From: David Tetzlaff (email suppressed)
Date: Tue Feb 09 2010 - 13:48:11 PST
> Am I correct in thinking that transferring at 30fps at telecine, then
> slowing to 15fps in FCP has some merits?
No. A 30 fps NTSC transfer (29.97) is really a 60 field transfer and
each field is only half of frame — every other scan line, interlaced
together. An NTSC telecine is going to assume that your original is 24
fps, and is going to create some blended fields to make the math come
What you want, without question, is some form of progressive frame
scan, where every frame of your original is either scanned completely
once and only once, or some other exact and equal number of times, but
nothing that duplicates some frames more times than others, or does
any frame blending during the transfer.
Now, even if you are going to wind up with NTSC DVD playback, it's OK
to have a 24p (24 progressive frames per second) time base because all
US DVD players understand discs authored from such source files and
play them back at the proper speed, doing all the math with their
There are many different kinds of film scanning machines. What you
will want to use depends to some extend on what you can afford.
Professional labs can charge a lot of money. On the other hand, if you
can borrow a good HDV camera with 24p mode (e.g. Canon HG-A1 or Pana
HVX) you'll probably be happy with what you get by projecting them
onto a white screen (with a conventional projector, e.g. a Pageant) at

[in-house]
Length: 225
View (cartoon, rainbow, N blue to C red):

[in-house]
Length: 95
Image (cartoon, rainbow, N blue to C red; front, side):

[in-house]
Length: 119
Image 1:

24fps and shooting the screen in 24p mode: I film frame will equal one
video frame and you can muck around to your heart's content in FCP.
Shoot with pillar boxing (fill the screen top to bottom, and let the
sides of the wideangle screen stay empty. That way you can crop it
back to 4:3 for SD.
If you can find a willing friend with a camera I'd give this a shot
before going to a higher cost method.
Finally, if you decide to go with a more 'professional' approach,
check out this guy. http://www.moviestuff.tv/equipment.html I have no
experience with him, but he seems to know what he's doing on the basis
of his website, and I think you can learn more about the process there.
If you do go to a professional transfer service, do not get output on
tape, but, as Ken says, get a quicktime file on a hard drive in the
Apple ProRes422 codec (not 422HQ) at whatever the native resolution of
the scanning device happened to be.
For info on FrameWorks, contact Pip Chodorov at <email suppressed>.